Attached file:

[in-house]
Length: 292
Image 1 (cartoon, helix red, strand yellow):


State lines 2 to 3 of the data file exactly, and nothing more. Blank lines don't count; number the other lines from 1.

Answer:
Length: 292
Image 1 (cartoon, helix red, strand yellow):